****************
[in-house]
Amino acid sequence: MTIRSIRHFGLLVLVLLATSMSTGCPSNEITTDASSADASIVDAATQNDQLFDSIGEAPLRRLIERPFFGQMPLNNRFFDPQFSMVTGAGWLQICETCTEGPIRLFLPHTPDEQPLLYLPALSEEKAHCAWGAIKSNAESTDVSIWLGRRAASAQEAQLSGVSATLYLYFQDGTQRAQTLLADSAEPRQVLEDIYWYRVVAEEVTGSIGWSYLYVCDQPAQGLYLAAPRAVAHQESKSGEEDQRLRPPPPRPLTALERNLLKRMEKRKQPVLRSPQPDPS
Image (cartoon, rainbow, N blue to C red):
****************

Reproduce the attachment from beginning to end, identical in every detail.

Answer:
[in-house]
Amino acid sequence: MTIRSIRHFGLLVLVLLATSMSTGCPSNEITTDASSADASIVDAATQNDQLFDSIGEAPLRRLIERPFFGQMPLNNRFFDPQFSMVTGAGWLQICETCTEGPIRLFLPHTPDEQPLLYLPALSEEKAHCAWGAIKSNAESTDVSIWLGRRAASAQEAQLSGVSATLYLYFQDGTQRAQTLLADSAEPRQVLEDIYWYRVVAEEVTGSIGWSYLYVCDQPAQGLYLAAPRAVAHQESKSGEEDQRLRPPPPRPLTALERNLLKRMEKRKQPVLRSPQPDPS
Image (cartoon, rainbow, N blue to C red):